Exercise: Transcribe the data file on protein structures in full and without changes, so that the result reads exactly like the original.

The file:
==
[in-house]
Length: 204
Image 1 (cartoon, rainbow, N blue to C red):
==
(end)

[in-house]
Length: 204
Image 1 (cartoon, rainbow, N blue to C red):